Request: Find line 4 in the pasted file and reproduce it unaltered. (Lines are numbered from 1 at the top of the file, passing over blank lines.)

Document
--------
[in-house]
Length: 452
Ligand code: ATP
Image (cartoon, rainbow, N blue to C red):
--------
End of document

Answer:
Image (cartoon, rainbow, N blue to C red):